Uganda Cooperative Alliance is not any more a supreme apex. It radically changed to become a training catalyst who assists co-operatives to re-organise their approach and their structure. It is a very flexible structure that is controlled by whoever decides to become a member. Many area co-operatives took this opportunity and they are more dynamic than the previous arrangement which was a succession of delegates’ delegates of delegates. At the end of the day, the big shots who were representing the people, cared very few for the cooperatives which they were meant to speak for. UCA lost its past prestige of being an apex, although inefficient, to become a rather small organisation but which is member based and member concerned.
A small core team composed of the Secretary and his Deputy handle administrative issues as well as management of funds. It financially relies on members’ subscriptions and incomes from its own investment. Development and educational programmes are specifically donors funded and they are targeted at grass-root level activities. Implemented programmes focus on business development for area co-operatives, training in building capacities in management and accounting and women empowerment in the cooperative movement.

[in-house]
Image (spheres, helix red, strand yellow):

Two years after the reform, one can say that the changes are obvious. There is more participation and more women involvement. Integrated services at the local area are facilitated by the village banks. Since all transcations are done locally and that different actors’ money is managed by the same local village bank, economy is boosted in these areas. Co-operatives compete with private traders to buy agricultural products and increase their added value locally. Village banks are the central vital institution in the new set-up. Such banks need that their members are strong enough before being fully established - 10 million shillings in capital shares (650,000 euros)and 30 million shillings in savings (2,000,000 euros). Cooperatives can play a role in the democratisation process since they are the most ancient democratic structure that has been existing in rural Uganda.
Communication technologies change the movement. Computerisation of the area co-operative and the introduction of cellular phones allow new flows of information that can directly benefit the farmers.
5. Relationships with donors
UCA already successfully managed STABEX funds from the European Union. After the collapse of the Cotton Board, it helped to purchase cotton within the new co-operative structure. It shows that one can still be confident in co-operatives since the funds was duely used and reimbursed. This contributed to improve the image of the co-operative, inside and outside of the movement.
It is now crucial that donors understand that village banks need to be financially fed in order to boost the local economy and the local actors. Village banks become permanent funding institutions in the area and this is the best way to sustain economical activities of the members and hence their well being.